Seaweed is relatively unknown but not necessarily unappreciated. If you promote it in the right way, people are quite prepared to buy it, shows an exploratory study by Wageningen Economic Research and Wageningen Food & Biobased Research.
Photo: Leonard Passchier
Anyone who has ever eaten sushi is familiar with seaweed. But it is not a generally well-known food product. ‘Such unfamiliar products are not easy to introduce because eating behaviour is a matter of deep-rooted habits that are hard to break,’ says Marleen Onwezen, a research of Consumer Behaviour at Wageningen Economic Research. ‘That is a pity because seaweed is a healthy and sustainable source of protein.’
One way of making seaweed more attractive is to integrate it into products people are familiar with, such as wraps. In a pilot study, the researchers investigated what was the best way to get people eating seaweed wraps. They served up pictures of different wraps to 612 participants in an online survey. The wraps contained 5, 50 or 100 percent seaweed respectively.
Strikingly, the percentage of seaweed had no influence on the consumer’s willingness to buy the product. What did make a difference was the way the product was described. This was done either with a cognitive appeal ‘Seaweed wraps are a healthy source of vitamins and minerals’ or with an emotional appeal – ‘Feel healthy with these seaweed wraps packed with vitamins and minerals.’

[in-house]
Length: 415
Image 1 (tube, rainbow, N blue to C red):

It turned out that people exposed to the cognitive message had more negative expectations of the wrap made of 100 percent seaweed than of the other variants, in terms of smell, taste and texture. When the appeal was emotional, that negative effect disappeared. Onwezen: ‘Emotions play a major role in food choice, especially when it comes to new or unfamiliar products. By playing on emotions you can overcome those barriers.’